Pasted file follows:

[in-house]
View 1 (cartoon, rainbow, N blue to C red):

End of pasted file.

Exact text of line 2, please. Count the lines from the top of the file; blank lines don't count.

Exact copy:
View 1 (cartoon, rainbow, N blue to C red):